Bream Comeback

I’d never say that bream are right up there amongst my favourite species but over the years, there have been periods of obsession. And I’ve got to say that a really big bream, nine pounds plus, is always an object of desire and awe. So how do you enhance your chances of catching one?

Natures Cycles

What I’ve found over the years is that big bream populations tend to be variable. I know that could be said for all fish but it seems especially valid with bream. On the pits around me, which number way over twenty, big bream thrive for a few years and then seem to disappear even though they are a long-lived species. I don’t get it but that’s the mystery of angling.

This spring, I’ve been aware that big bream have come back to at least four, if not five or six, of the pits that I have access to. It seemed a massive shame not to target them.

3 Approaches

As far as I’m concerned there are three ways of catching big bream.

First, you can ambush them in what I like to call Bottlenecks, those areas of water where all fish have to pass to access one part of the lake from another. These are commonly narrow pieces of water close to islands, for example. If the water is clear, you can put a bed of bait down and see what goes over it.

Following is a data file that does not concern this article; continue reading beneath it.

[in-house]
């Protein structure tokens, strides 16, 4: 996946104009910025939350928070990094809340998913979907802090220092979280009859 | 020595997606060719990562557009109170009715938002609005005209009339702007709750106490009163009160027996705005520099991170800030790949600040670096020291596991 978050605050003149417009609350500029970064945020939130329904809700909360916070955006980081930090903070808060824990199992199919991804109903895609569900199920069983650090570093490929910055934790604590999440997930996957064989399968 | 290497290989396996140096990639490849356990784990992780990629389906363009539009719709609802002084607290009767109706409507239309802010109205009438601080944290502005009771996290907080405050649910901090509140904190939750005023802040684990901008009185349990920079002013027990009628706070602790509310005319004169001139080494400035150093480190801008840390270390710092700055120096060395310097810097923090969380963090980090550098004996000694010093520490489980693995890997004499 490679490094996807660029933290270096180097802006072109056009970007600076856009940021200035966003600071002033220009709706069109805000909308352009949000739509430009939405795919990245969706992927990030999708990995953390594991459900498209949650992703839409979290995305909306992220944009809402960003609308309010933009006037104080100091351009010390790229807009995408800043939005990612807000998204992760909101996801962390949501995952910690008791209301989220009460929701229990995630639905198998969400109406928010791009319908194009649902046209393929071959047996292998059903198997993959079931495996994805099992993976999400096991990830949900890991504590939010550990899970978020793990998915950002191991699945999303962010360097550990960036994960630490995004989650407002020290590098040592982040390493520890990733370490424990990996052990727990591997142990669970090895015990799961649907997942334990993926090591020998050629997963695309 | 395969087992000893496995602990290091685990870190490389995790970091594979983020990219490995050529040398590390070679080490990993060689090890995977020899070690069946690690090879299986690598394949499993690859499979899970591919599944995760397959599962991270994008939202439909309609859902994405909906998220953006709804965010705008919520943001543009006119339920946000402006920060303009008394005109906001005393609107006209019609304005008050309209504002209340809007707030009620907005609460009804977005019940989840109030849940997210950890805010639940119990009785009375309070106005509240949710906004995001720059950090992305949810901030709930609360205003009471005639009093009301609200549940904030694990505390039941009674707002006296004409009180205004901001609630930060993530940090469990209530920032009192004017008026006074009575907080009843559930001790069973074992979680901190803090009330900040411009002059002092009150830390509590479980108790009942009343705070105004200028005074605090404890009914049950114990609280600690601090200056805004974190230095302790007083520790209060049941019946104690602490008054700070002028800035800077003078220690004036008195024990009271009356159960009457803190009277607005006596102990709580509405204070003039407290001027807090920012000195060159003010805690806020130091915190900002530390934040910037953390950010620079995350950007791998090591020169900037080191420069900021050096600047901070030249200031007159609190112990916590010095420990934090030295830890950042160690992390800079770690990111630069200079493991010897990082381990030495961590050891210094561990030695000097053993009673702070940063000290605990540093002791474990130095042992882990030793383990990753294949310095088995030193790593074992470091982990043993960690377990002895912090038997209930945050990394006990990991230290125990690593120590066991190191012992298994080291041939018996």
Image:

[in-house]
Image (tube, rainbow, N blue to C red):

Second, if water conditions are right, you can watch for the feeding activity of a big bream shoal. What you will probably see is a big area of stained water where the fish are ploughing up the bottom. Look carefully through binoculars and you will also see bream roll or the tips of their dorsal and tail fins come clear of the water. These are real giveaways and if you get a feeder into the stained area, you will be right onto fish.

Third up, you can bait a ‘breamy’ swim really heavily for as long as it takes. This is probably the least exciting of the three options but very often you are forced into it.

The weather for my big bream quest could not have been more unfavourable. A constant stream of cold winds from the north and northeast meant that spotting fish feeding was pretty much out of the question. What I was forced to do was to go the Big Bait Bash route.

However, it did work, with some staggering successes.

John Bailey

The Question of Wind Direction

Wind direction can have a significant impact on fish feeding patterns. Here I look at how it can vary between species and have a major impact on catching potential. I have run the carp syndicate

Catch more fish – don’t discard naturals!

With the proliferation of new formulations and flavours of boilees and pellets,plus glugs and dips and more on the scene its easy to get side-tracked from recognising that fish spend the majority of time feeding

Baiting Up

I’ve got to say, on the waters around me where there are good heads of tench to nearly doubles and bream to mid-doubles, you’ve got to get the bait in at this time of the year, if you are going to attract fish and hold fish and make them feed on what you are offering.